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The effectiveness of a retraining programme for bus drivers in Pakistan. ROTHENGATTER, J A and R A DE BRUIN (Eds). Road User Behaviour: Theory and Research. Assen/Maastricht, The Netherlands: Van Gorcum, 682-689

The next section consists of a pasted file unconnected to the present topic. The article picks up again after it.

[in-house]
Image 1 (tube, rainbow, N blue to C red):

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I TRANSPORT RESEARCH LABORATORY TITLE by The effectiveness of a retraining programme for bus drivers in Pakistan A Downing Oversea's Centre Transport Research Laboratory Crowthorne Berkshire United Kingdom IA cgm=g=w ~_ %99~ .R.. .. - 1 I;-,_- 1:1 [Cs[Pn DOWNING,A J,(1988). The effectiveness of a retraining programme for bus drives in Pakistan. In: ROTHENGATTERJ A and R A DE BRUIN (Eds). Road User Behaviour. Theory and Research. Assen/Maastricht, The Netherlands: Van Gorcum, 682-689. THE EFFECTIVENESSS OF A RETRAINING PROGRAMME FOR BUS DRIVERS IN PAKISTAN Andrew Downing Transport and Road Research Laboratory, England INTRODUCTION Since 1972 the Overseas Unit of the Transport and Road Research Labor- atory (TRRL) has been carrying out studies (Jacobs and Sayer, 1983; Jacobs and Cutting, 1986) to determine the extent and nature of the road accident problem in the Third World. These have illustrated the seriousness of the problem (for example fatality rates in developing countries are very high in comparison with those of developed countries) and they have also high- lighted some of the typical accident patterns and conditions found in these countries. More recently the Unit has developed a road accident reporting and micro- computer analysis package for use in developing countries (Hills and Elliot, 1986) and has begun a programme of evaluating low cost countermeasures. Part of the latter programme was started in 1981 in collaboration with the National Transport Research Centre (NTRC) in Pakistan (Downing, 1985). Because of the high involvement of buses in road accidents (up to 46 per cent of accidents), bus safety was selected as one of five priority areas for research and subsequently a driver retraining course was developed and evaluated. This chapter summarises the results of this research. THE BUS ACCIDENT PROBLEM From figure 1 it can be seen that for most developing countries (with some exceptionis in South East Asia and South America), buses are involved in proportionately more reported road accidents than in Great Britain. Coun- tries from the Indian sub-continent seem to have particularly high rates. To some extent this is due to the greater exposure of buses in relation to other vehicle groups when compared with Great Britain. For example, the propor- tion of all registered vehicles which were buses was 3.1 per cent in Pakistan, 2.6 per cent in India and only 0.6 per cent in Great Britain. However, buses seem to be less safe in developing countries even when total vehicle kilome- tres travelled are taken into account; for example, a study by Jacobs and Downing (1982) demonstrated that the fatiuity rates per million kilometres operated in Indian cities were about five to eight times greater than in Lon- don and about ten to twenty times greater than in other cities int Great Bri- 682 Paik sinw 1981 N~qc,.a' 1982 ia 1984 S, Lanka 1 980 Kenva 1982 PNG 1 984 Egypt ' 1983 St. Lt'c'a 1983 Thialand' 1983 Jaria~ca 1983 Ethiopia 1 982 Zimbabwe 1983 B~azl 1982 Indonesia 1 978 Malaysia 1 982 Great Britain 1984 46,0 33. 7 2 1 5. 1 9.6 =18.2 =__ 13,9 =1 3.6 = 12.9 --- 12.3 _ 11.0 16.5 -sample only eg. majo. city 0 -1 5.5 province ] 3.0I I I I I I I 0 10 20 30 40 50 60 70 80 90 100 Percentage of reported oad accidensl iivolvinlg buses Figure 1: An international comparison of bus accident involvement rates. tain. Similarly, in Pakistan the fatility rate for a major urban operator was 0.77 per million kilometres in 1981 compared with 0.07 for the United King- dom (UK). Also in absolute terms the bus safety problem is far more seri- ous in India and Pakistan than the UK as the number of fatal accidents in- volving buses in just one of their cities (e.g. Delhi or Karachi) is greater than the total for the whole of the UK (227 in 1984). Why are buses less sale in the Indian sub-continent? A number of factors such as poor bus driver behaviour, inadequate design and maintenance of buses, overloading of buses, poor road user behaviour generally and difficult operating environment (poor road design and a complex traffic mix) could all contribute in some way to increase the risk of bus accidents. The relative importance of each of the latter has not been examined in detail. However, a survey of bus driver behaviour (Downing and Tahir, in press) demonstrated that standards of driving were poor in Pakistan (see table 1) and nearly aUl the bus drivers observed, made errors when stopping, moving off and over- taking (particularly with respect to signalling, positioning and overtaking when oncoming traffic was too near) and just over half of them made errors at intersections. 683 Table 1: Errors made by bus drivers in Pakistan Driver error Percentage of drivers making (observation from a one or more errors (n =273) following vehicle) STOPPING1. Signals omitted or wrong 97 2. Position wrong 95 MOVING OFF 1. Signals omitted or wrong 99 OVERTAKING1. Signals omitted 100 2. Oncoming traffic too near 95 3. Cut in on another vehicle 83 4. Passed too close to a vehicle 51 INTERSECTIONS1. Position wrong 64 2. Signals omitted or w-rong 45 3. Disobeyed sign or signal 14 4. Speed too fast 2 Table 2: Bus conditions in India and Pakistan Percentages of buses with faults Vehicle faults India (n = 234) Pakistan (n =103) Lights -rear indicators 99 14 rear brake lights 98 73 rear lights 92 rear reflectors 87- front indicators 97- main beam headlights 8- dipped headlights 14- Tyres -faulty pressure 74 -bald tyre 10 Brakes < 50% efficiency 31 Steering play over 0,75 turn 12- Studies in India (Jacobs and Downing, 1982) and Pakistan (Swati and Down- ing, 1981) have indicated that bus driver knowledge also could be improved as average scores on oral driving theory tests were found to be only 54 per cent and 66 per cent respectively. In addition the physical condition of buses has been investigated in India (Jacobs and Downing, 1982) and to a lesser extent in Pakistan (Downing and Tahir, in press). From table 2 it can be seen that aUl types of rear light faults 684 were very common in India as were brake light faults in Pakistan and conse- quently there is clearly a need to improve the maintenance of buses as well as driving standards. THE BUS DRIVER RETRAINING PROGRAMME IN PAKISTAN In order to improve bus safety and particularly driving standards, the Gov- ernment of Pakistan introduced a retraining programme for the drivers of a major urban operator in the Rawalpindi and Islamabad area in 1982 (preceded by a trial course in 1981). Up to ten drivers at a time were sent on any one course, each of which lasted for six days with the last day being devoted entirely to practical and theory driving tests. Between 30 and 40 courses were completed each year and by the end of 1984, 447 (77 per cent) of the bus drivers working at the Rawal- pindi and Islamnabad depots had been trained and 303 (68 per cent) had passed. Two instructors carried out the teaching and the methods used were class- room instruction, demonstration drives and practical driving tuition. For many of the sessions the class of ten was split into two, one half staying in the classroom while the other half travelled in the training bus. In this way it was possible to keep to a maximum ratio of five trainees to one instructor in the bus. The main objectives of the course were to ensure that drivers: 1) Knew the Pakistan Highway Code; 2) Knew the stopping distance of their vehicle and that they could use the '2 second rule' to check their following distance; 3) Followed the correct procedure for moving off, stopping, overtaking and carrying out manoeuvres at junctions; 4) Used the correct 'mirror, signal, manoeuvres" (MSM) procedure; 5) Positioned their vehicles correctly al all times; 6) Corrected any bad steering habits; 7) Used the correct gears for all manoeuvres; and particular emphasis was placed on the teaching of driving procedures rather than vehicle control (more details about the course are given in re- ports by Downing, 1987 and Swati and Downing, 1981). The practical driving tests (lasting about 30 minutes) were carried out on a Fixed route in Islamabad and the methods of assessment and marking adopted were similar to those used in the UK learner driver test. Every fault committed was marked on an assessment form immediately after it occurred and each was classified as minor, serious or dangerous according to its se- verity (for more details see Downing, 1987). In addition the drivers were given an oral test on driving rules (100 questions) and another on the prin- ciples of the course and road signs. 685 To pass the course the drivers had to complete the practical test without making a single serious or dangerous error and score at least 95 per cent cor- rect on the theory tests overall. Drivers who failed had to repeat the course at a later date and those who failed a second time were recommended to have their public service vehicle licences withdrawn. In practice the latter recommendation was not very successful as the affected drivers appealed, with the authorities usually deciding in their favour. TH E EFFECTIVENESS OF THE RETRAINING PROGRAMME In order to assess the effectiveness of the retraining programme the bus dri- vers' road accident data were collected from 1980 to 1984 and their driving errors and knowledge tested before and after the initial trial course in 1981. In addition their behaviour was monitored (unobtrusively) by observers sta- tioned at selected junctions (13) and bus stops (6) and along five short routes by an observer in a following vehicle. The main findings were as follows: -The retraining had no significant effect on the drivers' reported acci- dents (see figure 2). Fewer of the untrained drivers had accidents throughout the five year period but a regression analysis indicated that this difference could be entirely accounted for by a selection bias, i.e. the less safe drivers (those who were older and from the Islamabad depot) were sent for retraining first leaving many of the safest drivers still un- trained by the end of the study. ~~ 5r ~4.644 0 4) ~ ~ ~ 40 . 3.4 o, 2- cc Before After Before After Failed Passed Untrainedin 'After' -~~~~~~~ ~~period Passing Training Figure 2: Training and accident improvement rates. - The retraining brought about an improvement in drivers' knowledge (scores a~fter the trial course increased by 13 per cent) and a reduction in their driving errors under test conditions (67 per cent drop in serious and dangerous errors after the trial course). However the reduction in errors was much less when the drivers were observed unobtrusively under normal operating conditions and the trained drivers made sign~i- ficantly fewer errors than the untrained drivers on only 3 out of 29 ca- 686 tegories assessed (for more details see Downing, 1987). Therefore re- training on its own was insufficient to improve everyday driving stand- ards. -Proportionately more of the older and more experienced drivers were involved in accidents (see figure 3) possibly because of medical condi- tions usually associated with age such as poor eyesight or slower reac- tions andlor because they had adopted driving techniques which were no longer appropriate. These drivers were also the most difficult to re- train in that they were the least successful at the course tests and their pass rates were at least 20 per cent lower than the youngest and least ex- perienced groups. A study of three transport corporations in India (Va- sudevan and Victor, 1987) found the opposite accident trend with age and experience and therefore it is clearly not possible to make any gener- alisations about such relationships for bus drivers in the Indian sub-con- c 25 6 - 2 . 18.4 20 15 10 9.1 Under 36 Over Under 13 Over 36 ta 45 12 to 22 45 22 Age (years) Experience (years) Figure 3: The effects of driver age and experience on road accidents. tinent as a whole. - The Pakistan data also indicated that more of the bus drivers in Islamna- bad were involved in accidents than were those from Rawalpindi (18 per cent compared with 9 per cent) even after allowing for differences be- tween the drivers' ages and experience levels at the two depots. Similar accident differences between depots were also found in the Indian study by Jacobs and Downing (1982) and it would appear likely that some de- pots operate over more hazardous routes than others. RECOMMENDATIONS FOR FUTURE COUNTERMEASURES As the retraining programme resulted in much improved driver perfor- mance under test conditions but not under everyday driving conditions, it seems likely that the drivers were insufficiently motivated to change their 687 normal driving patterns. Therefore it would appear that such training im- provements need to be accompanied by enforcement and/or incentive schemes to encourage drivers to adopt the recommended driving practices and procedures. The retrained drivers may also have been reluctant to change their behaviour because it would have resulted in some of their ac- tions appearing to differ from those of the majority of other road users. Cer- tainly, it has been shown that some violations such as those relating to inter- scctions are common to all groups of drivers in Pakistan (Swati, 1980) and consequently, there is a need to raise the driving standards of all drivers rathcr than bus drivers alone. In addition, although driving tests in Pakistan have not been systematically studied, it was noticed by the author that on-road tests were often very short or in some cases not carried out at all. Therefore it was recomnmended that as well as improving training, driving tests are made stricter for all groups of drivers with particular emphasis placed on the testing of driving procedures& In order to maintain improved driving standards, traffic law enforcement also needs to be improved (see Swati, 1980) and the police effort, currently concentrated on non-moving violations, should be redirected towards pre- venting moving violations; e.g. in the case of buses -dangerous overtaking, stopping and moving off practices, and overloading. In addition bus operators could help improve bus safety by introducing in- centive schemes, regular training courses and improved vehicle mainten- ance. In the case of the transport corporation which took part in this study, the transfer of the less safe, older and more experienced drivers to safer routes and the introduction of specialised training on specific hazardous lo- cations to be encountered by the drivers may have some accident reduction potential. However, the problems of the older and more experienced drivers and the accident patterns on different bus routes need to be fully investigated before implementing such measures. AC KNOWLEDGEMENTS The work described in this chapter forms part of the programme of the Transport and Road Research Laboratory and the chapter is published by per-mission of the Director. The author is grateful for the invaluable assist- ance provided by Mr. Swati, Chief of the NTRC and Mr. Tahir, Senior Re- search Officer for the study. The views expressed in this chapter are not necessarily those of the Department of Transport or the Overseas Develop- menit Administration. © Crown Copyright. REFERENCES Downing, AJ. (1985). Road accidents in Pakistan and the need for imiprov'e- menits in driver trainin and traffic law enforcement. In: PTRC wumnecrAn- 688 nual Meeting, University of Susser, Proceedings of seminar H. London: PTRC Education and Research Services. Downing, A.J, and Tahir, M. (in press) .The effectiveness of a bus diiver train ing cowrse in Pakistan. Crowthorne: Transport and Road Research Laboratory Hills, B.L. and Ellott, GJ. (1986). A microcomputer road accident analysis package and its use in developing countries. Indian Road Congress Road Safey Seminar, Srinagar. Jacobs, GD. and Downing.AJ. (1982).A study of bus safety in Delhi. Report SR 270. Crowlihorne: Transport and Road Research Laboratory. Jacobs, G.D. and Sayer, IA- (1983).Road accidents in developingcountiies. Re- port SR 807. Crowthorne: Transport and Road Research Laboratory. Jacobs, G.D. and Cutting, C.A. (1986). Further research on accident rates in developing countries. Accident Anaysis and Prevention. 18, (2), 119-127. Swati, M.S. (1980). Real problemn of highway safety in Pakistan. Planning Corm- mission Report NTRC-43. Islanmabad. National Transport Research Centre. Swati, M.S. and Downing, AJ. (1981). Bus driver training pilot study. Planning Commission Report NTRC-37. Islamabad: National Transport Research Centre. Vasudevan, J. and Victor, DJ. (1987). An analysis of buts accident data from three trasport corporations. Indian Highways. 689